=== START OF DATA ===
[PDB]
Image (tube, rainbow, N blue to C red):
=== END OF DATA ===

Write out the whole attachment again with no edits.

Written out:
[PDB]
Image (tube, rainbow, N blue to C red):